In April 2002, Nicor Gas was named as a defendant, together with ComEd, in a lawsuit brought by the Metropolitan Water Reclamation District of Greater Chicago (the “MWRDGC”) under the Federal Comprehensive Environmental Response, Compensation and Liability Act seeking recovery of past and future remediation costs and a declaration of the level of appropriate clean-up for a former manufactured gas plant site in Skokie, Illinois now owned by the MWRDGC.  In January 2003, the suit was amended to include a claim under the Federal Resource Conservation and Recovery Act.  The suit was filed in the United States District Court for the Northern District of Illinois.  Management cannot predict the outcome of this litigation or the company’s potential exposure thereto, if any, and has not recorded a liability associated with this contingency.

Since costs and recoveries relating to the clean-up of manufactured gas plant sites are passed directly through to customers in accordance with ICC regulations, subject to an annual ICC prudence review, the final disposition of manufactured gas plant matters is not expected to have a material impact on the company’s financial condition or results of operations.

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PCBs.  In June 2007, Nicor Gas notified the USEPA of the discovery by Nicor Gas of PCBs at four homes in Park Ridge, Illinois.  Nicor Gas has cleaned up the PCBs at these four homes.  In July 2007, the USEPA issued a subpoena to Nicor Gas pursuant to Section 11 of the Toxic Substances Control Act.  In the subpoena, the USEPA indicated that it was investigating Nicor Gas’ identification of PCB-contaminated liquids in its distribution system.  The subpoena sought documents related to Nicor Gas’ pipeline liquids and the extent and location of PCBs contained therein.  The Illinois Attorney General made a similar request for information from Nicor Gas.  Nicor Gas has provided documentation to the USEPA and the Illinois Attorney General, including information about the presence of PCBs in its system, and has conducted sample testing at additional customer locations.  While Nicor is unable to predict the outcome of these inquiries or to reasonably estimate its potential exposure related thereto, if any, and has not recorded a liability associated with this contingency, the final disposition of this matter is not expected to have a material adverse impact on the company’s liquidity or financial condition.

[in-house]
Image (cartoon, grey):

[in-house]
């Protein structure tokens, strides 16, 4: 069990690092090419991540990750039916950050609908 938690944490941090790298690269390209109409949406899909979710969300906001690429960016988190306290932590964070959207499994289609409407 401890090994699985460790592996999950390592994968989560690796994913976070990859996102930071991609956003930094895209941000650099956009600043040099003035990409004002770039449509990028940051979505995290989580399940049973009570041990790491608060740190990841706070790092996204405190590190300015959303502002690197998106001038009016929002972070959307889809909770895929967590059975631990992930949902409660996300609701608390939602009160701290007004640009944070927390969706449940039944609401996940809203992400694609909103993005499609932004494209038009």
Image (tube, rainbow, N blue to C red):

Municipal Tax Matters.  Many municipalities in Nicor Gas’ service territory have enacted ordinances that impose taxes on gas sales to customers within municipal boundaries.  Most of these municipal taxes are imposed on Nicor Gas based on revenues generated by Nicor Gas within the municipality.  Other municipal taxes are imposed on natural gas consumers within the municipality but are collected from consumers and remitted to the municipality by Nicor Gas.  A number of municipalities have instituted audits of Nicor Gas’ tax remittances.  In May 2007, five of those municipalities filed an action against Nicor Gas in state court in DuPage County, Illinois relating to these tax audits.  Following a dismissal of this action without prejudice by the trial court, the municipalities filed an amended complaint in August 2008.  The amended complaint seeks, among other things, compensation for alleged unpaid taxes.  Nicor Gas is contesting the claims in the amended complaint.  In December 2007, 25 additional municipalities, all represented by the same audit firm involved in the lawsuit, issued assessments to Nicor Gas claiming that it failed to provide information requested by the audit firm and owed the municipalities back taxes.  Nicor Gas believes the assessments are improper and has challenged them.  While the company is unable to predict the outcome of these matters or to reasonably estimate its potential exposure related thereto, if any, and has not recorded a liability associated with this contingency, the final disposition of these matters is not expected to have a material adverse impact on the company’s liquidity or financial condition.